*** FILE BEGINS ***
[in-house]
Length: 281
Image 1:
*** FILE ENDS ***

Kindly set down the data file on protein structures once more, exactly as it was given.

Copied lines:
[in-house]
Length: 281
Image 1: